Whether state credit card no-surcharge laws unconstitutionally restrict speech conveying price information (as the Eleventh Circuit has held), or regulate economic conduct (as the Second and Fifth Circuits have held).
This case is about a First Amendment challenge to a New York statute prohibiting retailers from imposing a surcharge on consumers who use a credit card to pay for a purchase, but (at least in practice) permitting retailers to offer discounts for paying with cash (the statute itself is silent on this point). A group of merchants challenged the provision, arguing that a surcharge for credit card use is equivalent to a discount for paying in cash, so that what the law prohibits is just one way of describing the same transaction, and thus the prohibition amounts to an unconstitutional restriction on commercial speech. The underlying constitutional issue – the level of protection given to commercial speech – will affect government’s ability to do everything from placing graphic warnings on cigarette packages, to prohibiting the marketing of off-label uses of prescription drugs, to barring misstatements about the presence of nicotine in tobacco products or the nutrient content of store-bought foods.
After a federal district court struck down the law as violating the First Amendment, a panel of the United States Court of Appeals for the Second Circuit reversed, upholding the law as a valid regulation of commercial conduct. Federal appeals courts are divided on the issue, upholding surcharge bans in New York and Texas while striking down Florida’s. A core question for the U.S. Supreme Court is whether no-surcharge laws regulate speech or instead target conduct. While speech regulations must meet a demanding legal test, states are required to show only a rational reason for rules governing commercial conduct.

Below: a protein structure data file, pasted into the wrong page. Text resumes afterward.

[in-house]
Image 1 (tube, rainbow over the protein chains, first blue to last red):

On December 21, 2016, the Consortium, joined by the American Thoracic Society, the National Association of County and City Health Officials, and Public Good Law Center, filed an amicus brief at the U.S. Supreme Court, supporting New York and arguing that the case is not a suitable vehicle for developing First Amendment doctrine, because the disagreement between the parties is principally based on competing interpretations of the challenged statute rather than on competing interpretations of the First Amendment. Our brief contends that this is a case to be resolved through statutory interpretation and that neither side has offered a plausible interpretation of the statute. We offer two constitutionally unproblematic alternatives: that the statute can be read as either a form of economic regulation or a content-based mandatory disclosure. We then warn against the sort of far-reaching First Amendment holdings called for by some voices in the case – an interpretation that could expand protections for commercial speech and ultimately weaken protections for core speech.
The litigation is ongoing.